I received word about the new book series below, and wanted to share it here, since it explicitly mentions the Mandaeans!
New book series: Edinburgh University Press
Non-Muslim contributions to Islamic civilisation
Series editors: Professor Carole Hillenbrand and Dr Myriam Wissa
Non-Muslim contributions to Islamic civilisation is a new edited series which deviates from the traditional focus on interfaith relations, and vividly brings to life the long, complex and varied contributions of non- Muslims in Islamic history and culture from late antiquity to early modernity (500 and 1800 CE.).Professor Carole Hillenbrand will edit the series along with Dr Myriam Wissa to explore a ground-breaking topic which has the opportunity to define a new school of thought in the field of Islamic studies.The series examines the contributions of Jews, Christians (including Armenians, Copts, Ethiopians, Georgians, Mozarabs and Syriacs) Samaritans, Mandeans, Hermetics, Harranians, Zoroastrians and peripheral cultures such as the Hindu, Buddhist, Confucian, Taoist, “Shamanist” and African traditions to the intellectual, ideological, legal, economic and technological development of Islamic civilisation. These contributions have yet to be investigated and thoroughly studied: indeed there is a rich and complex story to be told.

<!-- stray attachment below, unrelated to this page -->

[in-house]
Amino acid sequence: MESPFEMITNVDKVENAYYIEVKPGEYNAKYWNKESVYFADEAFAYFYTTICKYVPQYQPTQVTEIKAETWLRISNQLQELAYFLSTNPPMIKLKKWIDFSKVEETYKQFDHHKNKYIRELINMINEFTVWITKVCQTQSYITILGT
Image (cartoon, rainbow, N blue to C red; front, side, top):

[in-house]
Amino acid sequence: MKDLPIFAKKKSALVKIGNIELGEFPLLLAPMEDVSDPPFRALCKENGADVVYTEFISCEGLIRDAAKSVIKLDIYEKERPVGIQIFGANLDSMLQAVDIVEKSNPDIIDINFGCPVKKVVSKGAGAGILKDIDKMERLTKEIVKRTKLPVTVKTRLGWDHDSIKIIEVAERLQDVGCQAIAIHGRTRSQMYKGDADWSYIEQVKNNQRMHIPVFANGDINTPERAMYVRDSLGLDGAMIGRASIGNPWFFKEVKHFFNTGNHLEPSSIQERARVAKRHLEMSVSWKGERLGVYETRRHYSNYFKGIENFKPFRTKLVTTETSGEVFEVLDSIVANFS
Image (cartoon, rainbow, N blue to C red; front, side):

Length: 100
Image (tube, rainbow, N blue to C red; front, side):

The series embraces the wide range of approaches and scholarship, transforming our view of the driving forces behind the formation of Islamic civilisation and how the management of its development has run hand in hand with its political expansion. It will highlight the social and cultural interactions that this expansion produced, while the new interactions with India, China and Central Asia set them in a broader context.
It aims to promote a more holistic approach which provides a new analysis of non-Muslim contributions in order to transcend issues from various disciplinary perspectives: philosophy, methods of theological debate, science, medicine, astronomy, astrology, alchemy, literature, administration, notions of rule, law, techniques such as irrigation and agriculture among other topics.
The series also considers the relationships between trade, religion and state practices and documents the work of people in the trading towns connecting the Middle East, the Mediterranean, India, inland Asia, South Asia and beyond. By doing so it offers insights into how this dynamic shaped the contours of the diverse Islamic space.
It consists of monographs, edited volumes, and advanced textbooks written in English from established and younger scholars alike, offering a balance of interests, vertically through the period from 500 to 1800 or horizontally across the Islamic Caliphate and beyond. Proposals are invited from authors with a completed Book Proposal Form.
We welcome ambitious writing projects, niche titles and as well as important books requiring translation.
For further information please contact:
Professor Carole Hillenbrand firstname.lastname@example.org
Dr Myriam Wissa email@example.com